Story by Andre Hastick
Late spring 10 Chesapeake Conference pastors joined other clergy in attending a conversation session with U.S. Senator Ben Cardin (Md.) for interfaith religious leaders. Held in the Member’s Room of the Library of Congress in Washington, D.C., additional pastors from the Columbia Union Conference and leadership from the North American Division (NAD) Public Affairs and Religious Liberty and Presidential departments also attended.
During his remarks, Cardin affirmed the priority of religious freedom and the importance of not allowing politics to compromise faith-based values. Senator Chris Van Hollen (Md.) and U.S. Congressman Steny Hoyer (Md., 5th Congressional District) also addressed the audience, both encouraging the faith community to stay vigilant and engaged in civic dialogue and care for their respective communities.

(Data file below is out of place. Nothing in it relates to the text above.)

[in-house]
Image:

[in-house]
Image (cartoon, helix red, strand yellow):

Patrick Reynolds, pastor of the Grasonville (Md.) and MOT church district in Delaware, saw this as a unique event he wanted to attend. “My motivation to be here was to see how the religious community is seen from the political realm. … I thought this was a good opportunity to converse with the politicians,” he says.
Senate Chaplain Barry Black concluded the gathering with a message encouraging faith-based leaders to be devoted to their work, letting excellence in leadership be a witness to the world. “If we will make a commitment to integrity ... people will have to acknowledge there is something about this man or woman that reminds me of the Transcendent. Then we will accomplish, even in this crazy world, more than we can ask or imagine,” says Black.